qwaerstd — 2012-09-04T11:10:07-04:00 — #1
I built an HTML site for a client a 3 years ago. It is well optimised and comes number 1 on Google search for all their most important search terms.
She has recently contracted me to rebuild this site in WordPress. The layout and content will be pretty much the same, but she wants to have more pages and do blogs/ galleries/ videos etc.
I am just starting on this site and it will go live in January. We want to minimise any downtime.
My question is, by remaking the site on the same domain in WordPress, do I run the risk of losing the SEO?
Has anyone got any experience or tips on this?
Would it be better to keep the same HTML homepage and link this to WordPress? (this has been suggested by the client but I don't think she will get a lot of the benefits of WP with a static home page).
ralphm — 2012-09-04T19:26:27-04:00 — #2
You can either build the WordPress site offline or at another location while in production. Or you can build it alongside the current site and just not link to it until it's ready. (For example, if the current home page is called index.html, the WP index.php can happily sit alongside index.html and the viewing public won't see the WP files at all (until you delete the index.html.)
Once you are ready to launch the WP version of the site, certainly have the home page served up by WP, but just make sure to redirect any old page URLs to the new page URLs via an .htaccess file. That will keep Google happy.
spartinman — 2012-09-05T16:20:41-04:00 — #3
Your SEO will actually be better just by the makeup of PHP in wordpress. Trust me. Also, selecting the right template/design will have a big impact on that. Just make sure it is a clean design with clean code and no "fillers".
webcrawler — 2012-09-08T07:50:01-04:00 — #4
Yes, you need to be extra careful. you will feel bad if the rank drops for some known or unknown reason after a hard work. What I would do:
- Keep the Static files remain there.
- Start developing in a Sub-domain with WordPress Privacy ON and Robot.txt active.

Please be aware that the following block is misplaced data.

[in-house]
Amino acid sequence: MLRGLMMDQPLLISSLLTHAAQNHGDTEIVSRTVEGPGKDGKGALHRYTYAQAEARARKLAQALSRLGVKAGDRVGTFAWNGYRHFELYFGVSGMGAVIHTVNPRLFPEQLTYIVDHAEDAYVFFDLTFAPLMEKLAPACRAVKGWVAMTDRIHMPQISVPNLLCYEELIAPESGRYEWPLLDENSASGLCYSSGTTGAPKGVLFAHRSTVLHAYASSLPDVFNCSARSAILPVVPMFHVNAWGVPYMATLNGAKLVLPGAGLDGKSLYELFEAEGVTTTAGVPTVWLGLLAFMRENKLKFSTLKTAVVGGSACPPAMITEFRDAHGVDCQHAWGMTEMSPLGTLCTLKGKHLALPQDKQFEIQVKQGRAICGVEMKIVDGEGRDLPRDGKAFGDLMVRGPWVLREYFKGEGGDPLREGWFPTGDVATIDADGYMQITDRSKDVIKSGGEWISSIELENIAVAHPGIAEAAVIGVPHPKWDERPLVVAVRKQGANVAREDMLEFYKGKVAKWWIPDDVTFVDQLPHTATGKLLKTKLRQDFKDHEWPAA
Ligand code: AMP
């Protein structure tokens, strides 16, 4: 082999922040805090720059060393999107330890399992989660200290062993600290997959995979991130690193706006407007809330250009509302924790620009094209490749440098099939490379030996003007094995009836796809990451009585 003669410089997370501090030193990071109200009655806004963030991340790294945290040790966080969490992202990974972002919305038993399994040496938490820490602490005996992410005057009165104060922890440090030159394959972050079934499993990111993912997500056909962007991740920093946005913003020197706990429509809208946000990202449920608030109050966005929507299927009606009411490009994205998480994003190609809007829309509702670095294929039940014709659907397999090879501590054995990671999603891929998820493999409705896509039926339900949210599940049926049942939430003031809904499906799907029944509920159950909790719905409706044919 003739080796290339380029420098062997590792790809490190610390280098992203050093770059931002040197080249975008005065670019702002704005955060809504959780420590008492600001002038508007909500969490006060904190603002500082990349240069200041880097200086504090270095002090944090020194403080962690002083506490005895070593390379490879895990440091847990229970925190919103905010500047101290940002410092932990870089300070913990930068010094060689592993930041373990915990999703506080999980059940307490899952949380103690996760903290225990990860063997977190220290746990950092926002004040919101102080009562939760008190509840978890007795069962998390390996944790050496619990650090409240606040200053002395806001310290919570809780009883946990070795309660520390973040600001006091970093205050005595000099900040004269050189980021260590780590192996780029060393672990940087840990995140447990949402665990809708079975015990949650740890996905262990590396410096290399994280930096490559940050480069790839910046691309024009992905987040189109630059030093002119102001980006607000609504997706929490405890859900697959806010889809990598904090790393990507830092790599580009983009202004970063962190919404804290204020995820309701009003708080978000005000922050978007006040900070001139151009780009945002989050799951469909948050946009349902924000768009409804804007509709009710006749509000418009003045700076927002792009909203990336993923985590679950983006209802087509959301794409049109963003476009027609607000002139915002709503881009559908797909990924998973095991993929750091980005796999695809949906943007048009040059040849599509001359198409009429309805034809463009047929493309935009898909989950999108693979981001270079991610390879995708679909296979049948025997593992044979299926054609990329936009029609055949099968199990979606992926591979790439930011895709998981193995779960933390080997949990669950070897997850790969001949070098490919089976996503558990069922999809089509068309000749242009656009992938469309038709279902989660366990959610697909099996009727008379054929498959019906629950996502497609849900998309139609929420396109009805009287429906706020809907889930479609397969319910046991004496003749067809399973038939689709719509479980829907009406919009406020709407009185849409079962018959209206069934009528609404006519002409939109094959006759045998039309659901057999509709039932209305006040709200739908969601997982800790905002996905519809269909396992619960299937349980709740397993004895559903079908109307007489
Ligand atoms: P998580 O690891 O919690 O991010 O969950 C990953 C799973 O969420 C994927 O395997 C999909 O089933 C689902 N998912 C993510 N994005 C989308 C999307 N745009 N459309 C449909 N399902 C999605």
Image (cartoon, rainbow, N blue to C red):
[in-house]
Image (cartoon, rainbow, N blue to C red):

- Finish the new design.
- Content: Copy and paste content from Static sites to WP site.
- URL Redirection: Do a extensive and detail oriented work on URL migration. I will take help of Google WebMaster Tools for this. If possible keep the URL of both the site same, it is highly possible. If your sttatic site URL is conventional then create bunch of 301 redirection using WP Plugin.
- Move existing Static site to a Folder to preserve copy of original site.
- Move your sub-domain WP files to root location.
- Download/Export .SQL file from PHPMyAdmin. Open it in Text-Editor like NotePad++ and run a "Find and Replace" of your Old Domain to New Domain, say, prod.domain.com to www.domain.com.
- Empty data and Import the updated .SQL script.
- Make the WordPress Privacy OFF.
stevie_d — 2012-09-08T08:37:51-04:00 — #5
Sorry but that's nonsense. Anything WordPress can you, you can do at least as well in good old HTML. The advantage of home made code is that you can get it to do exactly what you want, whereas any template or CMS is likely to limit you to some extent and mean that you have to make some compromises. In terms of design or function, there's nothing that WordPress does that you can't do yourself - the reason for using a CMS is for convenience of creation and maintenance, not because it's technically better.
awasson — 2012-09-08T12:35:44-04:00 — #6
I partly agree with Stevie D, regarding the nonsense post that a blanket statement that WP will make it better simply because of the magic combination of PHP/WP however in many cases you can leverage the CMS and make a marked SEO improvements with more flexibility in page titles, navigation, meta tags (if you still believe in them), XML-Sitemaps, keyword rich URLs, etc... I have some experience in this area and have made really poor performers turn around and become top performers. However, as you know it's more difficult when the website is already a top performer.
My chief concern would be how many pages does the site contain and how many of these pages are the ones that perform well in the search results. It's likely that only a fraction of the pages are performing well in the SERPs and those are the ones to be aware of.
One part of my strategy would be to use the .htaccess to do a 301 redirect from the existing paths of top performing pages to the new ones.
RewriteRule ^old-page.htm http://www.example.com/new-wp-url [R=301,L]
The rest depends on why the site gets good SERPs. I'd spend some time figuring that out and then makes sure that the new site retains or improves on those areas.
Note: Don't forget just because a site does well this week or the last 6 months doesn't mean it will last. Google does updates and people move around in the ranks. I used to have my business website in the #1 spot for the terms I chose but over the past year I've gone anywhere from 4th to 24th and currently I'm #14, so on page 2. It's fine because my site is well over 10 years old and needs to be replaced but it's something to keep in mind... When you're #1, you can only retain or move downward.
webcrawler — 2012-09-08T13:11:59-04:00 — #7
Yeah! that's the point.